By Joseph Spector, Gannett Albany Bureau Chief
ALBANY In the Tammany Hall-controlled Legislature of the late 1800s, state lawmakers would introduce "ripper bills" that would either be adopted or rejected depending on the size of the bribes.
After two bribery scandals in recent days, Albany's corrupt culture seems to be alive and well, prosecutors said.
"Once again, we have members of the Legislature allegedly acting as mercenaries," U.S. Attorney Preet Bharara, the Manhattan-based federal prosecutor who brought the charges, said Thursday. "Once again, we are forced to consider how pervasive corruption is in New York government."
Former Senate Majority Leader Malcolm Smith, D-Queens, was charged Tuesday with trying to bribe Republican officials to win him to the GOP nomination for New York City mayor.
Two days later, Assemblyman Eric Stevenson, D-Bronx, was arrested for allegedly accepting $22,000 in bribes to push legislation to help the local developers of an adult-day-care facility.
Stevenson was undone because Assemblyman Nelson Castro, D-Bronx, agreed four years ago to serve as an informant after he was busted for perjury. Castro wore a wiretap, and Stevenson is heard boasting of how he could use his influence to help the developers, according to the criminal complaint.
"I just need you to tell me what they want; we prepare the bill...You can write down the language, basically what you want," Stevenson said last December, according to the complaint.
The casualness of the conversations startled lawmakers and long-time political observers, and it plunged New York government into a deeper mire of mistrust.
"That type of behavior is disgusting. It's not fit for an elected official. It's not fit for anybody," said Assemblyman Kenneth Zebrowski, D-New City, Rockland County, who used to sit in front of Stevenson in the Assembly chambers. "It's so incredibly blatant; it casts a shadow on our entire system."
More state senators have been arrested over the past six years -- 12 of them -- than lost a general election: only nine.
Stevenson and Smith were accused of actions that sounded as if they came from a crime thriller: exchanging cash and favors in parking lots and, in one case, an Albany bathroom.
"That's politics, that's politics. It's all about how much ... and that's our politicians in New York. They're all like that," New York City Councilman Dan Halloran, an alleged Smith co-conspirator, said last September in a taped conversation, according to Bharara.
The brazenness of the cases has renewed calls for ethics and campaign-finance reforms in Albany.
"We have to make the consequences more serious and painful for those who violate the public trust and exhibit such abhorrent behavior," said Amy Paulin, D-Scarsdale, Westchester County.
Good-governments groups want publicly financed campaigns. Citizens Union, a reform group, said the state should change its primary elections so all voters can choose candidates, rather than by one party and thus limiting party bossism.
The state Board of Elections needs stronger teeth and inspectors to oversee campaign violations, the groups said. The board has no inspectors.
"It's the influence of money that's the corrupting factor," said former Assemblyman Michael Benjamin, D-Bronx. He said campaign fundraising and the power of lobbying all play a role in the culture at the state Capitol.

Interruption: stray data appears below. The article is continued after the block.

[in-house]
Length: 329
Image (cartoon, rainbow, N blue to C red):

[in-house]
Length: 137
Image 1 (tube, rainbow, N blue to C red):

Gov. Andrew Cuomo has sought to restore integrity in state government since taking office in 2011. He was the first governor elected after Eliot Spitzer resigned in 2008 amid a prostitution scandal.
But Cuomo, the former Democratic attorney general, has been knocked for installing a new ethics panel, the Joint Commission on Public Ethics, that critics have said is ineffective. Cuomo is expected to seek tougher laws after the recent spate of scandals, including a push for campaign-finance reform.
"Those of us committed to the public and honored to hold its trust have zero tolerance for the actions brought to light this week," Cuomo said in a statement late Thursday.
Some lawmakers said the cases unfairly put a stain on all of them. Twenty-nine state lawmakers have had ethical or legal troubles since 2000 - more than 10 percent of the 213-member Legislature.
"People like Eric Stevenson and Nelson Castro, while they might get the headlines, they are the clear exceptions to the rule of behavior and the rule of conduct that members of both the Assembly and Senate live by," said Assembly Majority Leader Joseph Morelle, D-Irondequoit, Monroe County.
Some political observers said New York has long bred a culture of corruption, particularly in New York City -- where most of the scandals have emanated and where the Tammany Hall political machine engineered corruption and graft for a century.
Also in the city, Democrats control most offices, so unless there's an intra-party struggle, incumbents are re-elected with little opposition. Castro was re-elected twice, even as he was secretly serving as an informant. In another example, Assemblyman Vito Lopez, D-Brooklyn, won re-election last November even after he was accused of sexually harassing young female aides.
"They don't have a moral compass. They're in a situation to advance themselves," Gerald Benjamin, a political science professor at the state University College at New Paltz, said of some politicians. "And the risk-benefit calculation suggests to them that they can get away with it."
Bharara condemned the whole system. He said lawmakers seemed too at ease with receiving bribes, as if it were commonplace. Fellow lawmakers, he said, aren't doing enough to curb the actions of others.
"It makes you wonder," he said, "how much other stuff is out there?"